An Executive Summary....
Thesis: HOA is considered a major source of terrorism by the U.S. Pressure should be maintained on the nations comprising HOA to dispatch terrorists from within their borders and nations providing direct or indirect (charities) support should be held to account.
In May 2003, Kenya admitted that Al Qaida was plotting attacks on western targets. This confirmed Al Qaida's presence within Kenya. The trials of four suspects in the 1998 East Africa embassy bombings revealed a thriving terrorist network in Kenya. Evidence exists of an indigenous terrorist movement in Kenya. Leadership of the movement consisted of citizens of Gulf states, Somalia, Pakistan and the Comoro Islands; all assimilated into cultures along throughout the IO and recruited local Kenyans. Kenya requires enormous resources to establish the local institutions and to address the cross-border, refugee, and immigration issues central to effective AT policy.
In Ethopia, people identify with their clan first; Islam remains fairly non-threatening as Christians and Muslims are intermixed throughout the country. Ethiopia has remained free of attacks instigated by AQ and other ME groups. Muslims in Ethiopia have not been receptive to radical Islam and they have no centralized power. US dealings with Ethiopia are a challenge. Ethiopia is a reliable partner for combating terrorism, one with which the US should cooperate on security matters. Need to limit the engagement to US objectives, avoiding those that might unintentionally impact Somalia.
Djibouti is seen as a key transit point for terrorists and as a possible base. As a major port of entry for upper East Africa, Djibouti viewed as a high risk for involvement in transnational terrorism. The government lacks resources to discourage and fight the threat; turning a blind is a viable response for Djibouti in light of this circumstance. US policy toward Djibouti has been described as “benign neglect.” Although Djibouti has not been awarded US aid, the country still allows access to US aircraft without any compensation requirements. Economic assistance at certain levels might enable Djibouti to fight the GWOT with greater skills and resources; would also serve as an opportunity for Djibouti to establish basis for long term relationship with the U.S.
Somalia has served as a transit point for operations into Kenya. Somalia has not:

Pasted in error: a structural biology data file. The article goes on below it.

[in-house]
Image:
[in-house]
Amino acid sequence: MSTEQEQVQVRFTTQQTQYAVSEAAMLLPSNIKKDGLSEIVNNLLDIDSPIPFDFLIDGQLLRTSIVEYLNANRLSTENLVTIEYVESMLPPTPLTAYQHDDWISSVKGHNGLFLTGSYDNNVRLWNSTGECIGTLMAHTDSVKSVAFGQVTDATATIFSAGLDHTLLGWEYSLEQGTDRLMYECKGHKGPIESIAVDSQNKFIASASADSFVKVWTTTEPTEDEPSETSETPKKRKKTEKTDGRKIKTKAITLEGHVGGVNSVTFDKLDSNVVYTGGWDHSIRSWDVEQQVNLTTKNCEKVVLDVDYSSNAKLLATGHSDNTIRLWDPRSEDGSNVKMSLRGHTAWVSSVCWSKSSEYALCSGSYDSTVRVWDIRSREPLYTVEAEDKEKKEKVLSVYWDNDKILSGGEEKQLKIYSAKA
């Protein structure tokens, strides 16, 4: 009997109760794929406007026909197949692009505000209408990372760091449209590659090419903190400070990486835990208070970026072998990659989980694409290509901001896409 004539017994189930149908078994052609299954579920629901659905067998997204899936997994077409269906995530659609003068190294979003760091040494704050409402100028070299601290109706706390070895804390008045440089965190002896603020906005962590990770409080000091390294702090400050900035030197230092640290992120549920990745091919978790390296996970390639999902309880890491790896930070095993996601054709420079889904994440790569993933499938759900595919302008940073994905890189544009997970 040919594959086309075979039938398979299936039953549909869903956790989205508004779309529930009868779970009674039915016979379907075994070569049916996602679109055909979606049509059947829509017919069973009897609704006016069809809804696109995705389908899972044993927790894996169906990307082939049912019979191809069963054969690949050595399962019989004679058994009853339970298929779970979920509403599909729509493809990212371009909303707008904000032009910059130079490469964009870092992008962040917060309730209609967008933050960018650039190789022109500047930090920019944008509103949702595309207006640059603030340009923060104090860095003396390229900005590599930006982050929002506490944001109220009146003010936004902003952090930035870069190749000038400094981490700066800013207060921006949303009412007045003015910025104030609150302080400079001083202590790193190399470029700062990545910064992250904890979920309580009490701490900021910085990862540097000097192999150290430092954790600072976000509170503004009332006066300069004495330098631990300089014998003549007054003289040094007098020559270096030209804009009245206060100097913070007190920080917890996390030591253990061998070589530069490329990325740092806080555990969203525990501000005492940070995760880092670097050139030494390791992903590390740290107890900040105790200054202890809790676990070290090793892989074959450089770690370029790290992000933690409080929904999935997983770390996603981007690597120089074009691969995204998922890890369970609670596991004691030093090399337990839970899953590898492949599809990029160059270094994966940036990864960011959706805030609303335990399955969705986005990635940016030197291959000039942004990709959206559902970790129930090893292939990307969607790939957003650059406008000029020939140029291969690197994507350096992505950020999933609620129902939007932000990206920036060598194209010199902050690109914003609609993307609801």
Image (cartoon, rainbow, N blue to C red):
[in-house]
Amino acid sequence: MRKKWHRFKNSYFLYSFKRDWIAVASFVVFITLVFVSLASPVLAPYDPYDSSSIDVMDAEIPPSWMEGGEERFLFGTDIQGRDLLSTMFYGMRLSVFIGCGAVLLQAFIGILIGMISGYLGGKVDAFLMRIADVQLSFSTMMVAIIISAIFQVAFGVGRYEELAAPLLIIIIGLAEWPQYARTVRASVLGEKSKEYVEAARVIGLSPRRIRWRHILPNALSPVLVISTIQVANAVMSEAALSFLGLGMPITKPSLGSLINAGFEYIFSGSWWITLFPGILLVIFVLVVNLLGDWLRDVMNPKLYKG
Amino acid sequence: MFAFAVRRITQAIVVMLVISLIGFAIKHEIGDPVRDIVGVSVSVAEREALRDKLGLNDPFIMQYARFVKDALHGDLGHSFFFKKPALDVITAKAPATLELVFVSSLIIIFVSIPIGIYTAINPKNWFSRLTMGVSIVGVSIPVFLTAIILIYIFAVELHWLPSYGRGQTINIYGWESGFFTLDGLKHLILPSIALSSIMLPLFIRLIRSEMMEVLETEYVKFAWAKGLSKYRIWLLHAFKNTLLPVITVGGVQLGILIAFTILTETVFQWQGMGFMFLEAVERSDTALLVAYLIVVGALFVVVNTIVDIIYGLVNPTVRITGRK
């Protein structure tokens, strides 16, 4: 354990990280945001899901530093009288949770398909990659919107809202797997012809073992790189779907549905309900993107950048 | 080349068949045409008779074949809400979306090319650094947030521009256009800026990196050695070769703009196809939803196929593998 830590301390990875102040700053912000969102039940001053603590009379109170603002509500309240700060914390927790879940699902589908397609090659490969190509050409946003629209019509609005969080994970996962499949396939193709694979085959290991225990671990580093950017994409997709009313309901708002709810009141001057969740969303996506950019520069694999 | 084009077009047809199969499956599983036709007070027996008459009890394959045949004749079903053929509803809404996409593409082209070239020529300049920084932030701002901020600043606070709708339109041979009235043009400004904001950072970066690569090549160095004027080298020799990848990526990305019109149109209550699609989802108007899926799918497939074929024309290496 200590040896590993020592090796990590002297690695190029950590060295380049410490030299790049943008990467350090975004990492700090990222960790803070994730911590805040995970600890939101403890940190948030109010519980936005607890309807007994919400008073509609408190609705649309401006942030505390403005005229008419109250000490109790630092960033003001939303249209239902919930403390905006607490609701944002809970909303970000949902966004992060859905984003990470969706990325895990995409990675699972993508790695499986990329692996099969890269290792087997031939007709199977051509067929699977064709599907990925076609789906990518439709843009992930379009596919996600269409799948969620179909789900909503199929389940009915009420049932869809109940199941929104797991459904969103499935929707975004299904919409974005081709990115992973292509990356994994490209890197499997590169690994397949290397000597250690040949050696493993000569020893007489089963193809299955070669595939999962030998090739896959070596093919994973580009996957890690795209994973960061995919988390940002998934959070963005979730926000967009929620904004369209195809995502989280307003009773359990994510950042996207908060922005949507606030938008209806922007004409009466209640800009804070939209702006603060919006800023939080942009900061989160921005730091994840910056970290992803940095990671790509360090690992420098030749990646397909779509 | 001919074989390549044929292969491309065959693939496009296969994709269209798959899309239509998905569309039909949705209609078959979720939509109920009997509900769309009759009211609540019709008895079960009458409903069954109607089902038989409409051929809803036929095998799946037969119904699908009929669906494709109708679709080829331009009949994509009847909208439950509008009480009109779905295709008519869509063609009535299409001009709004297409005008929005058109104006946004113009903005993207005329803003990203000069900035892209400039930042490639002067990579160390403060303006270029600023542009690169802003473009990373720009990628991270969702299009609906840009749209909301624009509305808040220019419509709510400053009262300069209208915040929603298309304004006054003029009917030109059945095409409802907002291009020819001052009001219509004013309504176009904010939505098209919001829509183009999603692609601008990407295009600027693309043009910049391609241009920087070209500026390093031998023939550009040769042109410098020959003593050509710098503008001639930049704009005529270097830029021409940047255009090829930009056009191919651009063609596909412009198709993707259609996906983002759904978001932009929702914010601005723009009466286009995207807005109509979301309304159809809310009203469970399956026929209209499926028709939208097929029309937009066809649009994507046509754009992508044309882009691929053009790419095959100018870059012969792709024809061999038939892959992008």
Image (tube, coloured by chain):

o Been the site of significant terrorist activity
o Been the site of terrorist attacks
o Hosted terrorist training camps
o Proven to be a profitable recruiting ground for AQ
The Somali government views the GWOT primarily as an opportunity to garner western aid. The primary threat will continue to be unchecked movement of personnel and material into other East African countries.
Eritrea has used the GWOT mantra to eliminate dissention within its borders. Eritrean Islamic Jihad Movement (EIJM) is the only organization that claims to represent Eritrean Muslim grievances. Also the only organization that resembles a “conventional” terrorist group. EIJM remains a mainstay because the regime is unwilling to grant real political participation of Eritrea’s multicultural citizens. US policy described as a “gentlemen’s pact” to leave human rights violations to be dealt with in the future; this policy vacillates between:
o Unconditional support for a regime that joined the fight against terrorism and
o Periodic signals of disapproval for the regime’s crackdown on dissent
Sudan is “at the crossroads;” some high-ranking gov’t officials remain committed to the agenda of radical Islam. Gov’t has a history of harboring terrorist organizations and radical Islamic groups. It openly sheltered Bin Laden and AQ from 1991-1996, and is the only sub-Saharan country on the US list of State Sponsors of Terrorism. Sudan has allowed its territory to be used for training bases and staging areas for numerous groups, including AQ. Sudan has made efforts to clamp down on some terrorist groups since Sept 11th. Viewed as an attempt to improve relations with the U.S. Best option for the US is a “mix of CT and peace advocacy agendas in a focused, targeted and creative way” This would give Sudan better chance to break free of terrorist organizations.
The report concludes that the best way to fight terrorism in HOA is to take a regional approach, vice working with the countries individually. Saudi support of radical Islam through its charities needs to end.